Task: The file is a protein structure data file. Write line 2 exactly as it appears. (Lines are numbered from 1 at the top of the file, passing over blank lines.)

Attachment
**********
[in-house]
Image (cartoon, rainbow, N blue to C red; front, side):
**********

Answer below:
Image (cartoon, rainbow, N blue to C red; front, side):